BY VISHAL GULATI
Shimla, May 4 (IANS) A rescued snow leopard — a native of the alpine and high-altitude regions of the Himalayas — has arrived at the Himalayan Nature Park near Shimla, wildlife officials said on Monday.
After veterinary checkup, it was found the abandoned wild cat, weighing 7 kg, was stressed, under-fed, weak and suffering from severe dehydration.
A wildlife official told IANS that the rescued snow leopard is just a six to eight months old, most probably abandoned by the mother.
Rather than re-introducing it in its alpine habitat, wildlife officials transported this vulnerable species, which was trapped in a sheep pen in a hamlet in the Spiti Valley, for veterinary checkup to the nature park in Kufri, some 15 km uphill from here, known for temperate vegetation.
The decision has angered wildlife activists.
The wildlife wing admits that there is no wildlife rehabilitation centre in high mountain passes of the state where the Central government-funded Snow Leopard Conservation Project is underway.
“The snow leopard was examined on Sunday and we found that it was ill and very weak, owing to dehydration,” veterinary surgeon Sandeep Rattan told IANS.
The cub was also under stress — physical and emotional — owing to separation from the mother. “There are some physical injuries and gangrene too at some portion,” Rattan said.
“Our first priority is to regain its normal weight. A team is carrying out the necessary treatment. We are feeding a small chicken to it. Since its tooth development is at the primary (cub) stage with canine teeth yet to surface, it will be difficult for it to savage natural prey,” he said.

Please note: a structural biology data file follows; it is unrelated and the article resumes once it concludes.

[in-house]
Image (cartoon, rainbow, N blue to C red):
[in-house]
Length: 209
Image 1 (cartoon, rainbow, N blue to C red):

Rattan said that might be the reason it was looking for an easy prey in the nature, i.e. livestock.
The snow leopard was trapped in Gue village, famed worldwide for the 500-year-old mummified remains of a Buddhist monk, under the Kaza subdivision in Spiti Valley, some 350 km from Shimla, on May 1. The village is close to the Indo-Tibetan border.
Divisional Forest Officer Hardev Negi, who led the team to trap the wild cat, said the snow leopard was trapped after the villagers complained that it was killing their sheep.
Wildlife officials, who said that they don’t interfere with the snow leopard’s natural life cycle in the wild, told IANS that without its mother, the cub wouldn’t be able to learn survival skills.
In this case, the probability of releasing the cub into the wild is bleak. “The young one is most likely to be kept in the nature park alone,” an official said.
Rattan said that searching the traces of its mother would be a futile exercise, as the range of a snow leopard in nature is very wide and the terrain is treacherous and rocky.
Animal caretakers placed the cub under 24-hour surveillance under CCTV surveillance and have started feeding it chicken meat and vitamins.
Taking care of the orphaned snow leopard is a first-of-its-kind experience, but confident caretakers believe that they will do their best to save it. (IANS)